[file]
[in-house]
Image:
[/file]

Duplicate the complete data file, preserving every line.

[in-house]
Image: